Everyone has a dream job. For most people, it involves paparazzi flashes, fantastic wealth, or maybe gunplay. Not for my friend Nora and me. Five days a week, we share an extra-large cube that we affectionately call the doublewide. In it, we toss out Southernisms (a new favorite — madder than a bobcat caught in a piss fire) and stream twangy tunes on Bluegrass Country. It’s a hoot as cubes go, but we’d rather be fighting forest fires from horseback.
Park ranger — that’s our dream job. Whenever Nora and I are ready to buck the man, we plot our escape to the National Park Service where we will dawn wide brimmed hats, nurse baby possums to health, and hook-up sewer hoses on elderly tourists’ RVs.
If we’ve learned nothing else from the new book “A Park Rangers Life: Thirty-two Years Protecting Our National Parks,” the job isn’t all glamour. Author and retired ranger, Bruce W. Bytnar recently told the Staunton News Leader that “Park rangers are responsible for everything that happens in a national park.”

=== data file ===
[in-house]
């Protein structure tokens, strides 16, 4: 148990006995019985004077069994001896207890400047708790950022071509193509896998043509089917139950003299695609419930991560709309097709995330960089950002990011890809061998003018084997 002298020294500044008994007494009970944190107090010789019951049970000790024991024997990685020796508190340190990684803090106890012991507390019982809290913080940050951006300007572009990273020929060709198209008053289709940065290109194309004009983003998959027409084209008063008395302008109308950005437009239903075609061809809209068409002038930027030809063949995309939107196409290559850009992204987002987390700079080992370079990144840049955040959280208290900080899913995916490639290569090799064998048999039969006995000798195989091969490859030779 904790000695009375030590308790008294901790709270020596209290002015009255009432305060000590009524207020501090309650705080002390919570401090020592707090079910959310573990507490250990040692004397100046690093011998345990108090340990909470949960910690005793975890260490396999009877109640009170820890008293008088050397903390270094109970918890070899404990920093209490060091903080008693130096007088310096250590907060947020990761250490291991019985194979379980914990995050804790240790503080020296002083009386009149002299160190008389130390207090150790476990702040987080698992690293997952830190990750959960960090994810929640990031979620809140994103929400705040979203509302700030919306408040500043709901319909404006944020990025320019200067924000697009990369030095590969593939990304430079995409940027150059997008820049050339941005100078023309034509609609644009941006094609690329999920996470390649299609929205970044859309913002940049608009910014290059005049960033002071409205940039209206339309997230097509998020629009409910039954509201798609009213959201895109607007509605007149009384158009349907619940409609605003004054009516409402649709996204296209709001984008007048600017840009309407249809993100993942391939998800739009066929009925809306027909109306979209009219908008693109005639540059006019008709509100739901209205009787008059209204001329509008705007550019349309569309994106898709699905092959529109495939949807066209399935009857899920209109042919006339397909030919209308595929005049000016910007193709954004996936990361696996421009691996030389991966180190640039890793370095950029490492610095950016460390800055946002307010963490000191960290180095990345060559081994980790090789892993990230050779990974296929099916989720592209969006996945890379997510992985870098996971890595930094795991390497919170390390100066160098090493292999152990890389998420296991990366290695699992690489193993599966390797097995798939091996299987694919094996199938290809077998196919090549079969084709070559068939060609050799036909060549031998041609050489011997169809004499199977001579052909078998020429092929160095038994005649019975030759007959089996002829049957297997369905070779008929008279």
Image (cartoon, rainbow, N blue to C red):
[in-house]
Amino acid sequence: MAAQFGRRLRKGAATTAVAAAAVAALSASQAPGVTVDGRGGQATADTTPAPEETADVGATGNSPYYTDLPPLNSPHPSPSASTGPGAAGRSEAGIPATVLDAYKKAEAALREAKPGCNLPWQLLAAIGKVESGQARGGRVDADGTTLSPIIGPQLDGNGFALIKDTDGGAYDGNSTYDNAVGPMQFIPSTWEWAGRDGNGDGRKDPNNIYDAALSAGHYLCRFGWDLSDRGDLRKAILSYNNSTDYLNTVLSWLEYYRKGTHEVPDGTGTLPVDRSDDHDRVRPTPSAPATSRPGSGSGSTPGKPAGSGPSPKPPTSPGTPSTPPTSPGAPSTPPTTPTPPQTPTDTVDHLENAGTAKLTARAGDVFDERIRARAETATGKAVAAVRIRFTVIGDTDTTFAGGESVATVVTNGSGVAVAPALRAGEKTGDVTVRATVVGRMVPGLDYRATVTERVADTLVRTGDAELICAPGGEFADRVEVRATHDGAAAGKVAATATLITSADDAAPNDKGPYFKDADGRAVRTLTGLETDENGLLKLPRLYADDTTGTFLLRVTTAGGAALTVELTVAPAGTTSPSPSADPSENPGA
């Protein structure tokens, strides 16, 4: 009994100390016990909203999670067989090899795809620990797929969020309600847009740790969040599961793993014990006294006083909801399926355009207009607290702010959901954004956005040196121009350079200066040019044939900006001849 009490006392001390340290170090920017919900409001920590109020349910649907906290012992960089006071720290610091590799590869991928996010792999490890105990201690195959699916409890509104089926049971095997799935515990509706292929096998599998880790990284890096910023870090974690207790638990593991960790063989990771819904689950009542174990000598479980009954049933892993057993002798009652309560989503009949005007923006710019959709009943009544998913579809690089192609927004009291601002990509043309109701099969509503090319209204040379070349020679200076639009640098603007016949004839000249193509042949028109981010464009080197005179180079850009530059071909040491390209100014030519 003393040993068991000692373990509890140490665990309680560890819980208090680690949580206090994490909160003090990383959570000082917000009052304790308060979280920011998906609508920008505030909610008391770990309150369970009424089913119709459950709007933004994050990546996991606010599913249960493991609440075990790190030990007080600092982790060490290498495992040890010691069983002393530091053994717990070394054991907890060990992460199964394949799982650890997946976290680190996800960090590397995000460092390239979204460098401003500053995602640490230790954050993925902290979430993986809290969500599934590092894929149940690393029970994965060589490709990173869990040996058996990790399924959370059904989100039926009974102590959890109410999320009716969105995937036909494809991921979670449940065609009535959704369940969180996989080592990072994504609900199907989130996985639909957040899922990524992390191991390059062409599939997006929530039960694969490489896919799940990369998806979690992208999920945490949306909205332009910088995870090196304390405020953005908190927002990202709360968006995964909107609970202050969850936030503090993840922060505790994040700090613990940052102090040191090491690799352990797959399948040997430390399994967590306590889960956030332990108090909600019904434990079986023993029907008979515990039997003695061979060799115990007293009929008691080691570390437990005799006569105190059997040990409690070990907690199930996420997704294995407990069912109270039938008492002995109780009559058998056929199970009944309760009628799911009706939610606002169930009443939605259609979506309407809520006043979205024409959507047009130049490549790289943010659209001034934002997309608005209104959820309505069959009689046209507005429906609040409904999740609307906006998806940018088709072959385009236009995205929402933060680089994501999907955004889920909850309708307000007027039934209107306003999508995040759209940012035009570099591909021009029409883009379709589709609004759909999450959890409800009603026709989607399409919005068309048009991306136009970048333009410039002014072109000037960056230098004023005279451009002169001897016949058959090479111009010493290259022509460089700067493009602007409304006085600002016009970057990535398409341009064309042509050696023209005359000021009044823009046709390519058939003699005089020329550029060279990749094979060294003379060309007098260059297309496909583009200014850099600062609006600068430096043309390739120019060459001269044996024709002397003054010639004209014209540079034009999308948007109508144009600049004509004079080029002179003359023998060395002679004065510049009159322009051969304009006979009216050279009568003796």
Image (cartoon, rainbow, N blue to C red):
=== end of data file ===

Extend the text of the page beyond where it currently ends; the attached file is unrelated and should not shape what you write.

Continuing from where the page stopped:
That includes the mundane — answering inane questions, shoveling poop from escaped cows, and monitoring dogs for leashes — but also the bizarre:
“I remember one incident when a ranger was conducting an evening campfire program showing slides to an audience of over one hundred visitors. Suddenly they were interrupted by a man covered with blood, who ran in front of the group, lighted by the projector, screaming for help. Most people initially thought it was part of the program. When the ranger followed the man out to his vehicle, she found a second man who had been shot.”
Nora and I aren’t deterred. If you work with us, don’t look in the doublewide the next time we miss an all-staff meeting. We’ll be in the Great Smoky Mountains scouting injured bears or maybe shoveling a composting toilet. Either way, we’re we’ll be wearing the hats.